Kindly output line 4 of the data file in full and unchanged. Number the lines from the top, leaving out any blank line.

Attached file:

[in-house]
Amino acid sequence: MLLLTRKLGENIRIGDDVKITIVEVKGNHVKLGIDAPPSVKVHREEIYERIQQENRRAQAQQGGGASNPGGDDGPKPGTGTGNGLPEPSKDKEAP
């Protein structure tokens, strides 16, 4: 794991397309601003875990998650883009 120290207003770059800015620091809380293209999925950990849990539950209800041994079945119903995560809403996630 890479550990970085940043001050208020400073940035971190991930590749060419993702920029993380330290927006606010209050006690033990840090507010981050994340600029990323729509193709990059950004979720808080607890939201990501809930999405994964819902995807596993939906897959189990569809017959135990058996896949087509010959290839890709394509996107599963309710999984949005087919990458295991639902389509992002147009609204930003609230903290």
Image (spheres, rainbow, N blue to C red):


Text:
Image (spheres, rainbow, N blue to C red):